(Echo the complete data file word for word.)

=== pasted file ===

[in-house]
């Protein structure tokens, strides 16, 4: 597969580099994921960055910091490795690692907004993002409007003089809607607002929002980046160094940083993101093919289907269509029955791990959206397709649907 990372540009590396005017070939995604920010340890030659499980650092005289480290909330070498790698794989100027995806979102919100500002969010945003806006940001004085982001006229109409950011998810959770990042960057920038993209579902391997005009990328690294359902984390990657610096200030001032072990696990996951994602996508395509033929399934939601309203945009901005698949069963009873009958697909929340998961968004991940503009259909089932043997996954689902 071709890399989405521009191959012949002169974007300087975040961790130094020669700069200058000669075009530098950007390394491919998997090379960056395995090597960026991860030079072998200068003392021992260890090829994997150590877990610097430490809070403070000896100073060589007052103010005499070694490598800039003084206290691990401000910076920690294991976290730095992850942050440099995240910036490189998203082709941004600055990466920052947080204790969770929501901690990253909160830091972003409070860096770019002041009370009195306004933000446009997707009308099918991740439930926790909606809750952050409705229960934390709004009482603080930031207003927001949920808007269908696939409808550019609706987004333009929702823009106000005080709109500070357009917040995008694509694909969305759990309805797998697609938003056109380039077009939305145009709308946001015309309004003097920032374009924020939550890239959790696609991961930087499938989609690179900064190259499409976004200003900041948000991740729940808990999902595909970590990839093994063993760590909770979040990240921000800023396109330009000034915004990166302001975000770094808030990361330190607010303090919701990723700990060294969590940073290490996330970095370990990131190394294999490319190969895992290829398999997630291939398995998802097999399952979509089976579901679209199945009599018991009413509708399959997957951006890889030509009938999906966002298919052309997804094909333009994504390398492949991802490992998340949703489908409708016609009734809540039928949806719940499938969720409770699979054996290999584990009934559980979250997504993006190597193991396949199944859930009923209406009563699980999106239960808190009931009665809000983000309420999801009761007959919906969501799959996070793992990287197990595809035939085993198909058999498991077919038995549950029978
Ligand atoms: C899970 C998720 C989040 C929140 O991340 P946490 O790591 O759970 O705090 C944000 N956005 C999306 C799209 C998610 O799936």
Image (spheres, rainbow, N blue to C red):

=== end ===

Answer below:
[in-house]
């Protein structure tokens, strides 16, 4: 597969580099994921960055910091490795690692907004993002409007003089809607607002929002980046160094940083993101093919289907269509029955791990959206397709649907 990372540009590396005017070939995604920010340890030659499980650092005289480290909330070498790698794989100027995806979102919100500002969010945003806006940001004085982001006229109409950011998810959770990042960057920038993209579902391997005009990328690294359902984390990657610096200030001032072990696990996951994602996508395509033929399934939601309203945009901005698949069963009873009958697909929340998961968004991940503009259909089932043997996954689902 071709890399989405521009191959012949002169974007300087975040961790130094020669700069200058000669075009530098950007390394491919998997090379960056395995090597960026991860030079072998200068003392021992260890090829994997150590877990610097430490809070403070000896100073060589007052103010005499070694490598800039003084206290691990401000910076920690294991976290730095992850942050440099995240910036490189998203082709941004600055990466920052947080204790969770929501901690990253909160830091972003409070860096770019002041009370009195306004933000446009997707009308099918991740439930926790909606809750952050409705229960934390709004009482603080930031207003927001949920808007269908696939409808550019609706987004333009929702823009106000005080709109500070357009917040995008694509694909969305759990309805797998697609938003056109380039077009939305145009709308946001015309309004003097920032374009924020939550890239959790696609991961930087499938989609690179900064190259499409976004200003900041948000991740729940808990999902595909970590990839093994063993760590909770979040990240921000800023396109330009000034915004990166302001975000770094808030990361330190607010303090919701990723700990060294969590940073290490996330970095370990990131190394294999490319190969895992290829398999997630291939398995998802097999399952979509089976579901679209199945009599018991009413509708399959997957951006890889030509009938999906966002298919052309997804094909333009994504390398492949991802490992998340949703489908409708016609009734809540039928949806719940499938969720409770699979054996290999584990009934559980979250997504993006190597193991396949199944859930009923209406009563699980999106239960808190009931009665809000983000309420999801009761007959919906969501799959996070793992990287197990595809035939085993198909058999498991077919038995549950029978
Ligand atoms: C899970 C998720 C989040 C929140 O991340 P946490 O790591 O759970 O705090 C944000 N956005 C999306 C799209 C998610 O799936």
Image (spheres, rainbow, N blue to C red):